This month we catch up with Jocelyn Richards, a former editor-in-chief at That’s GBA (previously That’s PRD) who is now based in upstate New York. Richards founded @juicymandarinchinese last summer, a popular Instagram account that teaches helpful, everyday Mandarin and has quickly amassed a loyal following. We chat with her about tips on learning Chinese, how to grow a social following on Instagram and future plans for Juicy Mandarin.
How did you start learning Mandarin?
I took Latin in high school and was interested in traveling for a job in the future, but I knew Latin wouldn’t help me very much. I ended up Googling ‘what language will be useful in the future’ and all the results suggested Chinese. That was 2008, a time when China was in the news almost every day for the Beijing Olympics.
So, I started learning Mandarin as a freshman in college, but I was actually there for running. However, I got injured the second week of school, so I was on crutches – I couldn’t do anything or go out so I was stuck in my room all day. It gave me a ton of time to focus on my Chinese homework, which helped me to really start to like it more. The more I learned, the more I fell in love with the culture, country and language.
Image via @juicymandarinchinese/Instagram
What techniques or exercises were the most helpful for you to learn Mandarin?
In the very beginning, part of our homework was to record ourselves speaking and the teacher would go over every tone, marking it right or wrong. That really pushed me to focus on tones. I think it really does help to record your own voice, as what you think you sound like versus what you actually sound like probably differs. When I moved to China to work, it also helped to watch Chinese TV shows and write down words that I didn’t know. I’d note down words that were repeating in every episode or everyday words that seemed helpful. Those two things were the most memorable and helpful things I did in regards to learning on my own. I also had a few tutors who were very helpful.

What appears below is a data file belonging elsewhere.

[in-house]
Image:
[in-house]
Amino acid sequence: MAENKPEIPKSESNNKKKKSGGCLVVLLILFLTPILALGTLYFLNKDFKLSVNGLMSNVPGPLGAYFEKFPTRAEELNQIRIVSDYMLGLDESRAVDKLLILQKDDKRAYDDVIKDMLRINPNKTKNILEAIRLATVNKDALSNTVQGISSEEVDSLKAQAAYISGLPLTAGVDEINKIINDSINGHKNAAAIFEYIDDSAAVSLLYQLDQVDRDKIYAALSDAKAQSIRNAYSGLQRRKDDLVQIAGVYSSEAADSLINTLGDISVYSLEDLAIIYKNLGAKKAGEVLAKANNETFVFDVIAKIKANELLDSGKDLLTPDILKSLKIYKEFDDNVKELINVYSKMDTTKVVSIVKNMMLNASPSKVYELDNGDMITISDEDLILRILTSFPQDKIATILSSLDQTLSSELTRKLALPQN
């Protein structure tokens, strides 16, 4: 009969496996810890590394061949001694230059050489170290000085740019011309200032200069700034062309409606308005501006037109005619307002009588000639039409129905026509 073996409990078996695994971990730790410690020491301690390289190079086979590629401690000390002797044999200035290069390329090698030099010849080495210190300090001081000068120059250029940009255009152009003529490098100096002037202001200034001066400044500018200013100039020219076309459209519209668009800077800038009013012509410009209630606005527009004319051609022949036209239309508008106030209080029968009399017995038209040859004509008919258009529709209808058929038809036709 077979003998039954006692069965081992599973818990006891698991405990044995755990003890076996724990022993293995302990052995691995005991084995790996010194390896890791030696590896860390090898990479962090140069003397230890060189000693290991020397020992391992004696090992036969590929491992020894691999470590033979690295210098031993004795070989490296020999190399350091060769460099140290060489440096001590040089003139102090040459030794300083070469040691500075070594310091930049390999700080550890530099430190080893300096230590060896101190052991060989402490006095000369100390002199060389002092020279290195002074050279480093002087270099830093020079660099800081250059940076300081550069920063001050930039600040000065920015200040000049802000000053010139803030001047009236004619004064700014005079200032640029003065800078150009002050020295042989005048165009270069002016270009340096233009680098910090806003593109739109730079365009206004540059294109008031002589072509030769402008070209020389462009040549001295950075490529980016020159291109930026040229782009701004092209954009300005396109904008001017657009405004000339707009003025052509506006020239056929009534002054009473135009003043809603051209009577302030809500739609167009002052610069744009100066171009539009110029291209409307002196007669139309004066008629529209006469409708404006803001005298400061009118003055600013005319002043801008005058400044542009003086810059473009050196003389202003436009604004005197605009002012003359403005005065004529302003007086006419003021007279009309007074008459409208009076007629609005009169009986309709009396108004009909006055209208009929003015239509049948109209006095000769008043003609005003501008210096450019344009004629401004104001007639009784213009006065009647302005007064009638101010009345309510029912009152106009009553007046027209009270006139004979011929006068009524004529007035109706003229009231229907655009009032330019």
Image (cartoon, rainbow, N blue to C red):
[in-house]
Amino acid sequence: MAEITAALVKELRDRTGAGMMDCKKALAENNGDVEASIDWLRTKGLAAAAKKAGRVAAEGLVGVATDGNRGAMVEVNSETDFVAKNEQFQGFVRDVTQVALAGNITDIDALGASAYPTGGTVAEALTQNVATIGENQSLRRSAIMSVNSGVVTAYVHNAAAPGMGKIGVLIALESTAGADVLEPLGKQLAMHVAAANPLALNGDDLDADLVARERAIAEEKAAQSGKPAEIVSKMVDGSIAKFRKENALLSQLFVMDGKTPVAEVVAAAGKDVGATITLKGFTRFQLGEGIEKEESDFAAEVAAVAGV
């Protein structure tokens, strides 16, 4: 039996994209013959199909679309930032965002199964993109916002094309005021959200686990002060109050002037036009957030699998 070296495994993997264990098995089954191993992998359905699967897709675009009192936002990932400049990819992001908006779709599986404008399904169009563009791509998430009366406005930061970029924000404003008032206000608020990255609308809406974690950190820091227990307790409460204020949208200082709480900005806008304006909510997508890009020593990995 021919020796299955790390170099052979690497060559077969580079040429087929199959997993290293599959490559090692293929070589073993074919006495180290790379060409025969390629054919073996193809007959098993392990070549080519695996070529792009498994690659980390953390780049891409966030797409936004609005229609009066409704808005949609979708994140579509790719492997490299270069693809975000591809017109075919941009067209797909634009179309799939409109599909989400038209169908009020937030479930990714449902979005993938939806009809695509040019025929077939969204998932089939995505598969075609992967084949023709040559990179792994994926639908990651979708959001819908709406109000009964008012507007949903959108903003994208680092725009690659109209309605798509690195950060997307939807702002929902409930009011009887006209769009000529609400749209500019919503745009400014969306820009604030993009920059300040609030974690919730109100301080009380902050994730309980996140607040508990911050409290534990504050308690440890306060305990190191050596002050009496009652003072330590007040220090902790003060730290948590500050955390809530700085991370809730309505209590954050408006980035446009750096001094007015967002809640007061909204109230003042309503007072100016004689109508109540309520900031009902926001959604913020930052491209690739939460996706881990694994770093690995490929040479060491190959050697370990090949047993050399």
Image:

Can you tell us a bit about Juicy Mandarin?
Last summer I launched the Instagram account, and currently I’m working on setting up a business to teach locally and online. I wanted the Instagram account to be a presence before I launched the business officially, but then it also turned into its own thing, as there’s actually a lot of expats who want to learn Chinese through Instagram. So, it grew into this big thing that I didn’t anticipate.
How important is offline versus online learning?
It’s very ideal if you can go out and practice. If you’re in China, interact with the locals or have a group of Chinese friends, which helps to learn much faster. I also do believe that having a one-on-one teacher in real life is beneficial, versus purely learning online. You can learn a lot online, but I personally do prefer offline [learning].
What makes Juicy Mandarin different from other courses or Chinese-language-learning Instagram accounts out there?
I try to give a long description in English of exactly how a Chinese word or phrase would be used. It’s not really enough to just list one example sentence or the English translation of a word in Chinese. You have to know what context to use it in, and how it might be used differently than the English word. For example, the word yumen (郁闷) roughly translates to ‘depressed,’ but in Chinese it’s often used to express that one is a little bit disappointed, or down, but not fully depressed. I aim for the tone of the posts to be humorous and playful, words that you could use every day while living in China or slang words to use when going out with friends – instead of using standard vocab from a textbook.
Image via @juicymandarinchinese/Instagram
How did you manage to grow the account so quickly?
It was a combination of organic growth and some sponsored posts just on Instagram targeting expats in China or people interested in learning Chinese. What really helped growth was doing quizzes on Instagram stories. At one point I was putting quizzes every day on Instagram stories, so people really appreciated that and it helped attract more followers.
What is your ultimate goal for Juicy Mandarin in the future?
I hope to publish some videos on the website that people could use as an intro course, learn about pronunciations and things like that. I’d like to also create a community, starting locally in New York, but have regular meetups where people can practice or study Chinese together. Internationally, I’d like to hold webinars or events to connect people, practice or just share challenges they’re encountering. All this, of course, at an affordable price for students. My ultimate goal is to change the stigma that Chinese is an impossible language, as it is actually really fun to learn. As long as you have the foundation you can even teach yourself a lot.
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